International Used Jet Transaction
Are you considering the purchase of a used jet from abroad in 2017? Jet Tolbert offers a few tips on international etiquette that could tilt a ‘go’ or a ‘no go’ buying decision in your favour…
With demand for used jets mostly coming from the United States at present, buyers continue to include within their aircraft searches jets for sale that are based outside the US. The following paragraphs are designed to help US buyers increase their bargaining power and international sellers harness the current US-based demand.
A successful international transaction requires the buyer to have a clear understanding of the technicalities of importing an aircraft. Unfamiliar costs should be considered and calculated prior to contract negotiation, and the appropriate contractual mechanism should be built into the closing/import process. Correctly managed, such homework can be accomplished easily.
In reality, though, owing to cultural differences and/or a lack of familiarity with regulations, an unwitting buyer can be sucked into a black hole of convoluted negotiation ambiguity—a fate that can burn time and money (and the opportunity to purchase another aircraft).
From the selling perspective, it is vital for international sellers to send the right message by understanding the market demand coming from the US and showing a willingness to adjust their pricing expectation. As an example, the time and expense of international travel as well as the process of switching an aircraft from EASA to FAA jurisdiction can be considerable for the buyer.
Therefore, a savvy seller will appreciate the buyer’s perspective and integrate planned ‘concessions’ into the negotiation to help sell the aircraft more quickly.
Obviously achieving the right price needs a balanced approach by buyer and seller. But sellers have to be keenly aware of the cost of owning the aircraft for a longer period as a delay to the sale occurs, and truly understand the impact of depreciation.
It is not uncommon to find an international seller holding out for ‘just a little longer’, passing on an offer deemed too low only to sell their jet for dramatically less further down the line. We are aware of an aircraft that was not sold a year ago because the seller rejected a solid offer that was 13% higher than today’s ask price.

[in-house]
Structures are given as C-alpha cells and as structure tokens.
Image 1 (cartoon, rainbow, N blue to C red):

When combined with the other costs of ownership during that period, the seller’s loss is probably closer to 20%. This example is a clear case of a seller suffering as a result of eschewing trusted guidance to make the right decision at the right time.
Most obstacles to international aircraft sales are surmountable. Often, however, the respective parties to a transaction fail to consider the cultural differences, misreading the signals being sent from the other side of the negotiating table before and during closing.
The US buyer needs a clear signal regarding when they have a partner who is serious in their commitment to sell the aircraft and close the deal. Detecting that sign can be very difficult if the buyer is unfamiliar with local business practices. Misreading of cultural cues and etiquette, one party can easily gain a false expectation or understanding of the other side.
Whether in client consultation meetings or cross-border negotiations between buyer and seller, such miscommunication can lead to unnecessary waste of time and money at best, and a missed opportunity at worst.
While it is ideal for all parties within the transaction to adopt a direct manner, culturally some sellers will be perceived as ‘hiding’ information and motives. This may be expected practice within the seller’s culture, and US buyers need to be clear on these customs to avoid misunderstandings and loss of trust during the transaction.
That said, there are extreme cases in which an aircraft and its equipment may be deliberately misrepresented, or a company is hiding its involvement in pending litigation. A buyer must be discerning to tell the difference. Ultimately, the seller as well as the broker will likely have advisors within their own region. Between them they will be able to read into the motives of the seller early in negotiations.
The best way to move forward with an international transaction is to partner with a broker representative who can demonstrate deep industry knowledge in multiple regions and has a long history of success in transactions around the world.
Familiarity with technical aspects of trans-border transactions is required, along with strong industry connections that will reinforce a deal structure and offer insight into understanding ‘cultural norms’.
In today’s used jet sales market, the best value may come from an aircraft under international ownership. This is an exciting time in our industry, and we expect international sellers to continue to drive the market on the supply side for the time being. As demand and aircraft values strengthen in the domestic US market, those international opportunities will become increasingly alluring – and all participants could benefit.
An understanding of international business etiquette becomes crucial to make sure you’re proceeding down the right path, with the right seller, and not wasting time and missing a good jet for sale elsewhere.